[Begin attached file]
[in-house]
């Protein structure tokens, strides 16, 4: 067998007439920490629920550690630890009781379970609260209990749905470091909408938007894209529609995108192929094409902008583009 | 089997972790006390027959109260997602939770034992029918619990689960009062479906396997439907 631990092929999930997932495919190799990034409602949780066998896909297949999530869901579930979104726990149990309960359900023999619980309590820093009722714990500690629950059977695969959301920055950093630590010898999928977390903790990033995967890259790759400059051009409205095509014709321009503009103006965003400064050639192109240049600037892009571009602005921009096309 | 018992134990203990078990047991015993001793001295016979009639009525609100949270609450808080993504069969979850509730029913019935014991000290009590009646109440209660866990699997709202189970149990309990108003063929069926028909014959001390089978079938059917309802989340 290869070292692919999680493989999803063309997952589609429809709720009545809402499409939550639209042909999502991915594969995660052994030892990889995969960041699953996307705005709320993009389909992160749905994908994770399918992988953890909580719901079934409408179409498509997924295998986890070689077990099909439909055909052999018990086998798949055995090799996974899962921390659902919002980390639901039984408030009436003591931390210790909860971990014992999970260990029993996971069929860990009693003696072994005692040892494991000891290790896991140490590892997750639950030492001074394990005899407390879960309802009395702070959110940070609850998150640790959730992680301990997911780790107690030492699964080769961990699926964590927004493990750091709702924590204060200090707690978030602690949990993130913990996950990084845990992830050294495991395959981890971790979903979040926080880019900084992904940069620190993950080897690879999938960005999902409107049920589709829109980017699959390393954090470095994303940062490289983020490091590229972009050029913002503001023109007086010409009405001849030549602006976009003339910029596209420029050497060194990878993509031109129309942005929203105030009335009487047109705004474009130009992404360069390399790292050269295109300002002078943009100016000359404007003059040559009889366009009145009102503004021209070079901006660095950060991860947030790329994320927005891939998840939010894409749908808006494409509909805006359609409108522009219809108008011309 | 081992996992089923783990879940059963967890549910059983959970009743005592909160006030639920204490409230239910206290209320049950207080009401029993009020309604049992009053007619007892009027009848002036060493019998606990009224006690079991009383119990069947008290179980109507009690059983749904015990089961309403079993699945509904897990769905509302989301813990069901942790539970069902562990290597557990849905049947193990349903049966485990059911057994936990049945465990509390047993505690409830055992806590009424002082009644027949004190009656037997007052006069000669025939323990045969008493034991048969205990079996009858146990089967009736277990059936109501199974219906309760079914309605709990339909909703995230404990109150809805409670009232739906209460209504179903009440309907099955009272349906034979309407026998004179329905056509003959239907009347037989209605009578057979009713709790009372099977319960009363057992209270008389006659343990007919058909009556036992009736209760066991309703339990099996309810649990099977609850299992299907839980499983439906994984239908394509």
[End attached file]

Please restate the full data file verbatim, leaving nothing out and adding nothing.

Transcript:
[in-house]
């Protein structure tokens, strides 16, 4: 067998007439920490629920550690630890009781379970609260209990749905470091909408938007894209529609995108192929094409902008583009 | 089997972790006390027959109260997602939770034992029918619990689960009062479906396997439907 631990092929999930997932495919190799990034409602949780066998896909297949999530869901579930979104726990149990309960359900023999619980309590820093009722714990500690629950059977695969959301920055950093630590010898999928977390903790990033995967890259790759400059051009409205095509014709321009503009103006965003400064050639192109240049600037892009571009602005921009096309 | 018992134990203990078990047991015993001793001295016979009639009525609100949270609450808080993504069969979850509730029913019935014991000290009590009646109440209660866990699997709202189970149990309990108003063929069926028909014959001390089978079938059917309802989340 290869070292692919999680493989999803063309997952589609429809709720009545809402499409939550639209042909999502991915594969995660052994030892990889995969960041699953996307705005709320993009389909992160749905994908994770399918992988953890909580719901079934409408179409498509997924295998986890070689077990099909439909055909052999018990086998798949055995090799996974899962921390659902919002980390639901039984408030009436003591931390210790909860971990014992999970260990029993996971069929860990009693003696072994005692040892494991000891290790896991140490590892997750639950030492001074394990005899407390879960309802009395702070959110940070609850998150640790959730992680301990997911780790107690030492699964080769961990699926964590927004493990750091709702924590204060200090707690978030602690949990993130913990996950990084845990992830050294495991395959981890971790979903979040926080880019900084992904940069620190993950080897690879999938960005999902409107049920589709829109980017699959390393954090470095994303940062490289983020490091590229972009050029913002503001023109007086010409009405001849030549602006976009003339910029596209420029050497060194990878993509031109129309942005929203105030009335009487047109705004474009130009992404360069390399790292050269295109300002002078943009100016000359404007003059040559009889366009009145009102503004021209070079901006660095950060991860947030790329994320927005891939998840939010894409749908808006494409509909805006359609409108522009219809108008011309 | 081992996992089923783990879940059963967890549910059983959970009743005592909160006030639920204490409230239910206290209320049950207080009401029993009020309604049992009053007619007892009027009848002036060493019998606990009224006690079991009383119990069947008290179980109507009690059983749904015990089961309403079993699945509904897990769905509302989301813990069901942790539970069902562990290597557990849905049947193990349903049966485990059911057994936990049945465990509390047993505690409830055992806590009424002082009644027949004190009656037997007052006069000669025939323990045969008493034991048969205990079996009858146990089967009736277990059936109501199974219906309760079914309605709990339909909703995230404990109150809805409670009232739906209460209504179903009440309907099955009272349906034979309407026998004179329905056509003959239907009347037989209605009578057979009713709790009372099977319960009363057992209270008389006659343990007919058909009556036992009736209760066991309703339990099996309810649990099977609850299992299907839980499983439906994984239908394509």